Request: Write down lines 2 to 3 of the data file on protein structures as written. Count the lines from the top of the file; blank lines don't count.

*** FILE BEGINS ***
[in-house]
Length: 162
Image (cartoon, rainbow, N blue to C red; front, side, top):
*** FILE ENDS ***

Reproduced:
Length: 162
Image (cartoon, rainbow, N blue to C red; front, side, top):